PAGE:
Published by the Students of Johns Hopkins since 1896
March 1, 2024

Baltimore theater offers both good prices and class

By RENEE SCAVONE | March 9, 2017


COURTESY OF RENEE SCAVONE Zoo Story will be performed this weekend at the John Astin Theater.

There’s just something about a night at the theater, the joy of experiencing a story unfold in real time, of feeling the energy of human emotion in the room, of sharing laughs and tears with otherwise strangers in the dark for two hours. Of course the built-in class factor also doesn’t hurt. Consider the following two statements:

A. “Last night? I spent the evening enjoying a theatrical production.”

B. “Last night? I spent the evening avoiding vomiting freshmen and getting Natty Boh on my shoes.”

Person A probably has clean hair and three career opportunities waiting for them at Handshake. Person B probably has a load of laundry they’re avoiding.

So if you’re ready to transcend your usual weekend plans (or just want an excuse to seem really mature and cultured when talking to friends), you’re in luck!

Hopkins and Baltimore in general both have a lot of good theater. Furthermore, while I myself once believed that attending productions was a marker of bourgeois indulgence, I have come to appreciate the Baltimore scene not only for the quality of its shows but for the reasonable price of most events.

Take the Baltimore Improv Group (BIG) for example. Just like it says on the tin, BIG is dedicated to bringing unscripted theater to the greater community, through shows, festivals and classes.

In March they have events five days a week, sometimes more. Most shows feature more than one performer and will only set you back about $5 — a great bargain for an evening of entertainment you can chat with all of your humanities professors about.

Furthermore, if a night watching troupes like Bears Only or Plan B inspires you to get into improv yourself, BIG is hosting two Sunday night intro to improv classes this month, on March 19 and 26.

Most BIG shows take place in the conveniently located Single Carrot Theatre at 2600 N. Howard Street, across the street from the Ottobar. The walk from Shriver Hall only takes about 15 minutes.

If that’s still a bit of a stretch for you, just hop on either the Blue or Pink Route Shuttles and ride until the stop at Remington Row on 27th and Remington. From there, just round the corner to Howard street and head south for a block.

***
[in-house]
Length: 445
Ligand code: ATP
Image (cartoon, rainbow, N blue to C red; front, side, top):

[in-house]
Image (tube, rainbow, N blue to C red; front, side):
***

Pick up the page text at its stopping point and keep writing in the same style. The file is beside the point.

If you want an experience that’s a bit more heavy hitting, Single Carrot Theatre also hosts a number of other productions, many of which are oriented towards today’s changing political landscape.

In the month of March, Single Carrot is presenting “Undercurrent: Theatre for Now,” a series of four creator-performed shows that centers around a range of perspectives, from a Christian right It-Girl to a mixed-race nanny spending the summer in Baltimore.

Student tickets will set you back about $18, which makes Single Carrot a pricier option, but if you want to see more than one show you can buy tickets bundled and save that way.

Additionally you can spend confidently knowing that your money is going to support a local organization that helps artists’ voices be heard.

Finally if you want to experience all of the high points of live theater but are busy (too busy to leave campus) this coming weekend, for three days you have the chance to check out Edward Albee’s Zoo Story here on campus.

Albee is famed for writing popular plays such as Who’s Afraid of Virginia Woolf? and devastating one liners such as “You gotta have a swine to show you where the truffles are.”

Zoo Story will be performed at the John Astin Theatre in the Merrick Barn, located right outside of Brody’s lower entrance.

The play revolves around a man just trying to enjoy an afternoon in Central Park until a stranger shows up and takes “his attention, his afternoon, and quite possibly his bench.”

The play features two Hopkins juniors, Gabe Gaston and Isaac Lunt, and is being produced as part of the Theatre Arts & Studies minor here at Hopkins. The play starts at 8 p.m. on Friday, March 10, Saturday, March 11 and at 2 p.m. on Sunday, March 12.

Regardless of where you go or who you see, getting to experience a live performance is always special. Whether you’re a lifelong theater aficionado or you’re just looking for something different to do on a Saturday night, there are many fun shows for you to explore right in the neighborhood!

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